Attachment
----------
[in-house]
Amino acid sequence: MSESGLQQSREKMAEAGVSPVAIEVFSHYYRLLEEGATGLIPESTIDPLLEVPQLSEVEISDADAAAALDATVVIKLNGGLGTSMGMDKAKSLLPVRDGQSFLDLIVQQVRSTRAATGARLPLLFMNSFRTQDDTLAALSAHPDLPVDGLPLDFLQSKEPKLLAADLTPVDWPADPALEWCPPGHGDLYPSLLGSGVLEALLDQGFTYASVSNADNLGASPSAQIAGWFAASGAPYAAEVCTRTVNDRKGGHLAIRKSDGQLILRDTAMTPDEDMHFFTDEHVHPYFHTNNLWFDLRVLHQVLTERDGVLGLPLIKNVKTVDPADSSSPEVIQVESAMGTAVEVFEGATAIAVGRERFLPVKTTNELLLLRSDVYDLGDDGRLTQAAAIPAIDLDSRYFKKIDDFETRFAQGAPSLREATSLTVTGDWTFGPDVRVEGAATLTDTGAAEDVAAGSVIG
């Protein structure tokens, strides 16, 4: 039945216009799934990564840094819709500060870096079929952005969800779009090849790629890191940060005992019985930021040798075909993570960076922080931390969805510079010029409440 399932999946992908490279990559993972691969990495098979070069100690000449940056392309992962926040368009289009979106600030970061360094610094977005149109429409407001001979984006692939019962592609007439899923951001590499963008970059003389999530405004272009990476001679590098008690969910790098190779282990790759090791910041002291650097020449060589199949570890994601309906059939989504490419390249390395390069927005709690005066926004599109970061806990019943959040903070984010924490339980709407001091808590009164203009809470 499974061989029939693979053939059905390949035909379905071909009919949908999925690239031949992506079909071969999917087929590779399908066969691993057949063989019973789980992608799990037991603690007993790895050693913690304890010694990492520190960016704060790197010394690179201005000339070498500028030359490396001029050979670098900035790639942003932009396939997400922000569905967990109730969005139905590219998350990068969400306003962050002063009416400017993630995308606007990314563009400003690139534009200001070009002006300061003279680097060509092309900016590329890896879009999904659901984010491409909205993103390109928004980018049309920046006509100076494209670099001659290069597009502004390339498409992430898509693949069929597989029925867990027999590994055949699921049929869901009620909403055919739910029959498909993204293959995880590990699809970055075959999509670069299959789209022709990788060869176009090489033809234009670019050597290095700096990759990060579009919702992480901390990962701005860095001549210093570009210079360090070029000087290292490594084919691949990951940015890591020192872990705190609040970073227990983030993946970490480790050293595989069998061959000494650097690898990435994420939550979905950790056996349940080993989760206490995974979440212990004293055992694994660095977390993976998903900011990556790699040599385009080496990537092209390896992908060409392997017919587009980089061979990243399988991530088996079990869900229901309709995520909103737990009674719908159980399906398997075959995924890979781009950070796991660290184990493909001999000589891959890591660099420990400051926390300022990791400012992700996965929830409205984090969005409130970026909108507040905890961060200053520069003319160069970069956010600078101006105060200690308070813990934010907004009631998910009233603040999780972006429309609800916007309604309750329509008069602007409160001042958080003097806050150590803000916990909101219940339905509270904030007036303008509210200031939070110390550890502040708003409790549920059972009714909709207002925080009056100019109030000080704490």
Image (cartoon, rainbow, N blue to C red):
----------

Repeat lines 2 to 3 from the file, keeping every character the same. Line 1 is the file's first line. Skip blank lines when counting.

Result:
Amino acid sequence: MSESGLQQSREKMAEAGVSPVAIEVFSHYYRLLEEGATGLIPESTIDPLLEVPQLSEVEISDADAAAALDATVVIKLNGGLGTSMGMDKAKSLLPVRDGQSFLDLIVQQVRSTRAATGARLPLLFMNSFRTQDDTLAALSAHPDLPVDGLPLDFLQSKEPKLLAADLTPVDWPADPALEWCPPGHGDLYPSLLGSGVLEALLDQGFTYASVSNADNLGASPSAQIAGWFAASGAPYAAEVCTRTVNDRKGGHLAIRKSDGQLILRDTAMTPDEDMHFFTDEHVHPYFHTNNLWFDLRVLHQVLTERDGVLGLPLIKNVKTVDPADSSSPEVIQVESAMGTAVEVFEGATAIAVGRERFLPVKTTNELLLLRSDVYDLGDDGRLTQAAAIPAIDLDSRYFKKIDDFETRFAQGAPSLREATSLTVTGDWTFGPDVRVEGAATLTDTGAAEDVAAGSVIG
């Protein structure tokens, strides 16, 4: 039945216009799934990564840094819709500060870096079929952005969800779009090849790629890191940060005992019985930021040798075909993570960076922080931390969805510079010029409440 399932999946992908490279990559993972691969990495098979070069100690000449940056392309992962926040368009289009979106600030970061360094610094977005149109429409407001001979984006692939019962592609007439899923951001590499963008970059003389999530405004272009990476001679590098008690969910790098190779282990790759090791910041002291650097020449060589199949570890994601309906059939989504490419390249390395390069927005709690005066926004599109970061806990019943959040903070984010924490339980709407001091808590009164203009809470 499974061989029939693979053939059905390949035909379905071909009919949908999925690239031949992506079909071969999917087929590779399908066969691993057949063989019973789980992608799990037991603690007993790895050693913690304890010694990492520190960016704060790197010394690179201005000339070498500028030359490396001029050979670098900035790639942003932009396939997400922000569905967990109730969005139905590219998350990068969400306003962050002063009416400017993630995308606007990314563009400003690139534009200001070009002006300061003279680097060509092309900016590329890896879009999904659901984010491409909205993103390109928004980018049309920046006509100076494209670099001659290069597009502004390339498409992430898509693949069929597989029925867990027999590994055949699921049929869901009620909403055919739910029959498909993204293959995880590990699809970055075959999509670069299959789209022709990788060869176009090489033809234009670019050597290095700096990759990060579009919702992480901390990962701005860095001549210093570009210079360090070029000087290292490594084919691949990951940015890591020192872990705190609040970073227990983030993946970490480790050293595989069998061959000494650097690898990435994420939550979905950790056996349940080993989760206490995974979440212990004293055992694994660095977390993976998903900011990556790699040599385009080496990537092209390896992908060409392997017919587009980089061979990243399988991530088996079990869900229901309709995520909103737990009674719908159980399906398997075959995924890979781009950070796991660290184990493909001999000589891959890591660099420990400051926390300022990791400012992700996965929830409205984090969005409130970026909108507040905890961060200053520069003319160069970069956010600078101006105060200690308070813990934010907004009631998910009233603040999780972006429309609800916007309604309750329509008069602007409160001042958080003097806050150590803000916990909101219940339905509270904030007036303008509210200031939070110390550890502040708003409790549920059972009714909709207002925080009056100019109030000080704490």